If we are to have engaged public policy discussion that draws on the collective knowledge, experience and ideas of Canadians we should end up with better policies. This applies to almost every area of public policy.
In Canada's recent federal election, Prime Minister Stephen Harper was able to form a majority government with just under 40 per cent of the votes cast by Canadians. But is that fair?
Despite a focus on families, there is little discussion on how to counter the prospect of a decline in living standards and growing inequality.
Canada has to be ready. IRAP is one of the best vehicles we have to succeed in such a challenging world. Our future economy should be a top election issue.
As it is, as a federal government discussion paper recently stated, 'there is some evidence to suggest that Canada is not well-positioned to be an innovation leader.' Another across-the-board corporate tax cut won't change that.
But this is the issue that is largely missing from the Liberal economic strategy, yet it is central to our future.
If we are looking for economic stimulus to drive innovation and create new jobs, then launching a transformative shift to a low-carbon economy may be our best hope.
But it also means ensuring that existing industries have the tools and people to become more innovative. It also means making the public sector more innovative.
We are not training the thousands of skilled people we will need for success. We are not digitizing our vast collections of cultural material. Our financial structure is failing to provide the risk capital innovators need to start new businesses.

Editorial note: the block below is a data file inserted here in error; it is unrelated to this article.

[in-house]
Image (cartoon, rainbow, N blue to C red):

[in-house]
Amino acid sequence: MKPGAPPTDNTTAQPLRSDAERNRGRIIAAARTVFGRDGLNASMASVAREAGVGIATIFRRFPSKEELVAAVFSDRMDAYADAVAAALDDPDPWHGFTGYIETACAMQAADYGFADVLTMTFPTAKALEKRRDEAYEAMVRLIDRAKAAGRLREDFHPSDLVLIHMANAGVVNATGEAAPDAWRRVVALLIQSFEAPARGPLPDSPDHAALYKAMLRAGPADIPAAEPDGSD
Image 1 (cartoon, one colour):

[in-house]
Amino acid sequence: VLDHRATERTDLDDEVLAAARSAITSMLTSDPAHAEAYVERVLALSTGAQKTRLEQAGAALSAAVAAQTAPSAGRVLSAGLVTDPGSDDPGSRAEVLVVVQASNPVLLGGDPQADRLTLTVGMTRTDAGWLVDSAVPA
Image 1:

Now there is a great need to promote exercise and healthy diet, including tough regulation of sugar and sodium content and requirements for public disclosure of sugar and salt content by fast-food restaurants.
Kevin Page was right to point out the folly of ignoring the challenge, or delaying action for long, what he largely ignored was the potential for initiatives that could do much to mitigate the pessimistic forecasts of an aging society
One of the biggest issues we face is how to build a much more innovative economy that can meet the challenges of 21st century global competition and sustain a high and sustainable quality of life with good jobs. Canada has to get cracking.
U.S. Ambassador Bruce Heyman, right, and his wife, Vicki, were all smiles at hosting their first Fourth of July bash in Ottawa. Some 3,000 guest attended. The mood was good and there was a lot of dancing, eating, and chatting.
Vicki and Bruce Heyman. The dress code was summer whites. The atmosphere was light and lovely.
Bluesky's Susan Smith, Ottawa University's Robert Asselin, and Bluesky's Tim Barber.
House of Commons protocol's Elizabeth Rody and Jane Kennedy.
Canadian Chamber of Commerce President Perrin Beatty, wearing a nice summer hat.
The National Arts Centre's Peter Herndorff and Rosemary Thompson.
Sisters, Maggie Creskey, left, and Hill Times publisher Anne Marie Creskey.
The guests on the front lawn of the U.S. ambassador's official residence in Ottawa's swishy Rockcliffe neighbourhood, high up above the Ottawa River.
Shaw's Alayne Crawford and Gary Clement, senior manager of GR at TD Bank (Toronto).
CCCE's Ailish Campbell, Ekos' Frank Graves, Amgen's Kim Furlong, and H&K's Jackie King.
Environics' Greg MacEachern, CPAC's Natalie LeMay-Calcutt, and Shaw's Jim Patrick.
CommuniquéDirect's Nick Masciantonio and MDA's Leslie Swartman.
Postmedia News columnist Andrew Coyne and Global TV News reporter Laura Stone.
Former Liberal MP Martha Hall Findlay, right, and a friend.